The current each motor draws depends on mechanical loading and throttle level. Your ESCs are rated for 30 A each, but that doesn't mean they will draw that much or even be limited to that much.

is it better that I buy a regulated bench power supply so I can control the V and A ratings?

It may be useful for testing. Once you have determined how much voltage and current is required you can then switch to a suitably rated fixed power supply.

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  • \$\begingroup\$ Thanks you for the answer everything makes so much sense I did know about Parallel and Series but I was for some reason thinking that because the ESC is in between the motor and PSU and because all positives and negatives would be connected would make it a series! that's where my confusion was. I am now thinking to buy 2212 10T 1400KV Brushless Motor + 30A - bi directional Brushless ESC * 4 and the power supply would be : DC 12V 60A Universal Regulated Switching Power Supply 720W. I want to buy a good power supply so in the future if I change out motors or esc's I have a good power source. \$\endgroup\$ Dec 1, 2021 at 7:30
  • \$\begingroup\$ I have a follow up questions. I am now looking to purchase DC 12V 83.3A 1000W Power Supply and will use 4 brushless motors A2212 1400KV Brushless Motor. I have check the Motors and they require 11.1 V and Load Current: 19.0A Power:210W. From my understanding the power supply I am looking to purchase would meet the requirements to run the motors at full torque. Am I correct is the power supply adequate or am I missing something? \$\endgroup\$ Dec 1, 2021 at 11:34
  • \$\begingroup\$ 19A * 4 = 76A, so that power supply should be sufficient. FYI here's some test data for a motor similar to yours bhabbott.net.nz/A2212-10.html \$\endgroup\$ Dec 1, 2021 at 19:21
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The ESC ought to be as close as possible to the motors due to the high frequency PWM and high currents.

Motors in series are current sharing. In parallel, it is called voltage sharing.

But considering DC motors take ~ 10x the rated current on full start unless you limit the startup acceleration like 3ph-VFD, the parallel mode will be expensive or lossy.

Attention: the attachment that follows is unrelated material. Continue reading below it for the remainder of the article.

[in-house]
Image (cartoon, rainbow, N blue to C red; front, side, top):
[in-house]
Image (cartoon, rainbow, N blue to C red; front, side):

Consider the ESR of the battery string (*n) relative to the DCR of the coils as Pd is proportional to R. Parallel mode increases driver losses while series mode demands a greater voltage breakdown on the drivers.

The servo acceleration controls the currents to the motor and from o load to full acceleration can be a ratio of 100:1 for bursts which is difficult to regulate on flyback SMPS. A more stable power supply approach would be a suitable battery with a float charger to maintain the average load current.

But remember this. Voltage load regulation error (%) is simply the % ratio of source ESR to load DCR for the worst-case step current or Rs/(Rs+load DCR)*100% This is true for all regulators. A "COTS" PSU with full protection might also be adequate if sufficient power margin is chosen in a forward full-wave converter and the ESC drivers can handle the back-EMF and inertia as coasting generates voltage and braking dissipates power.

Never overestimate the wisdom of silent down-voters!

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  • \$\begingroup\$ Thanks the information you have given is very useful, especially the fact that the ESC ought to be as close as possible. I have one more query regarding the decision I have made for purchasing DC 12V 83.3A 1000W Power Supply and will use 4 brushless motors A2212 1400KV Brushless Motor. They require 11.1 V and Load Current: 19.0A Power:210W - theoretically will the PSU be sufficient to power the 4 brushless motors at max torque at the same time - although I probably would not want to make them work at 100% probably at 80% but I am just interested to know if I am correct. \$\endgroup\$ Dec 1, 2021 at 11:41
  • \$\begingroup\$ It depends how far the motors are apart to share one ESC with 1 supply or 4 ESC and 4 supplies with ganged controls. ?? what are the distances involved and where will losses come from ESL,Rs of cable and what is ripple current on PSU load, also how much EMI on load depends on very low Z impedance connections to ESC from cable length and L/C ratio with ESR ratios. These affect supply regulation as a motor load can be very dynamic depending on speed change ramp control, motor inertia brake load dump. Will the ESC handle full stop current surge or will you prevent that by design. \$\endgroup\$ Dec 1, 2021 at 16:52
  • \$\begingroup\$ There are many things that can go wrong not defined in your question. I would go with 4x 30A ESC's with PE shielded busbars or twisted Litz wire pairs for power distribution. \$\endgroup\$ Dec 1, 2021 at 16:53